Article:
Chatman, of Lithonia, Ga., will have to sit out the 2018-19 season because of NCAA transfer rules and will make his debut in the 2019-20 season.
“If you look at what Rodney was able to do in his two years at Chattanooga, I thought he did a really good job of running the point for them,” Dayton coach Anthony Grant said. The numbers he put up kind of speak for themselves, and when he became available, we were fortunate to make some contact and get him here. I think he was really impressed with everything he saw, the people he met, the resources we have and the facilities. He made a decision to join us, so it’s awesome.”
Dayton will be loaded with talent on the perimeter when Chatman and Michigan transfer Ibi Watson, who's also sitting out the coming season, join the rotation.
Chatman, Watson, Jalen Crutcher and Jordan Davis will all be juniors in the 2019-20 season. Trey Landers and Jhery Matos, a junior-college transfer who joins Dayton’s roster this season as a junior, will be seniors.
Dwayne Cohill will be a sophomore. Forwards Ryan Mikesell, Obadiah Toppin and Frankie Policelli, all of whom can play inside and out, will also be in the rotation. Mikesell will be a redshirt senior, Toppin a redshirt sophomore and Policelli a sophomore.
“Today’s game does revolve around guard play, and you can’t win the championship without them,” Chatman said. “I think in two years we’ll be really good with a lot of depth starting and on the bench, and I think that will help us get to where we need to be.”
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Rhode Island won the Atlantic 10 regular-season championship last season with four guards in the starting lineup. Kansas played four guards last season. Villanova has run a four-guard offense. Dayton did last season with Darrell Davis, Crutcher, Jordan Davis and Landers joining Josh Cunningham in the lineup.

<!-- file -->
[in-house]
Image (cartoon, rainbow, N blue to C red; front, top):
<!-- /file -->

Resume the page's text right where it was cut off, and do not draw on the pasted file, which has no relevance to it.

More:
There’s no guarantee Dayton will use that strategy in two seasons — it still has two scholarships it can fill this season and at least one after next season — but having depth on the perimeter is important to Grant.
“We talked about a need for our team to have more guys with play-making ability and the need to increase our skill level on the perimeter,” Grant said. “When you look at last year, we were a pretty efficient team in terms of our ability to score the ball, but we struggled in terms of our ability to take care of the ball at times and with some of the decision making in crucial situations, so the priority for myself and our staff was to increase the skill level and the play-making ability on our team, so when you can add a guy like Rodney to go along with Crutcher and Cohill — and Jordan Davis is a guy who’s developing that ability to play-make for us as well in the backcourt — it really helps.”
» LOOK AHEAD: What the roster looks like now
Asked if he was looking for a big man for this season or next season to replace Cunningham, who will be a redshirt season in the 2018-19 season, Grant said, “Everything’s on the table. Right now, obviously, we’re still actively recruiting and seeing what makes sense for our team.”
Like Watson, Chatman will help the team this season in practice even though he can’t play in games.
“The old saying is iron sharpens iron,” Grant said. “So to have a guy with two years experience that’s been through some of the rigors of college basketball, along with Ibi, it is a level of maturity that you add to your team. The combination of their ability to grow their games, improve and get better and learn our system but also make our team better, that excites me.”
Chatman wants to improve his physicality by adding muscle and work on his jump shot. He shot 45.3 percent from the field and 33.9 percent from 3-point range last season, averaging 13.3 points per game.
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Chattanooga took a step back in Chatman’s sophomore season, finishing 10-23 in the first season for coach Lamont Paris. The Mocs were 19-12 in Chatman’s freshman season, which was McCall’s last season. The previous year, they beat Dayton 61-59 at UD Arena, finished 29-6 and made the NCAA tournament.
Despite the team’s struggles, Chatman took his game to the next level. His numbers improved across the board from his freshman to sophomore season.
“It most definitely took off,” he said. “I spent hours in the gym during the summer — early mornings and late nights. I practiced a lot of things. This past season, it was what it was. I’m not going to harp on it. It was a great learning experience. I took something from it. It only makes me want to win more. I think I can do that here at Dayton.”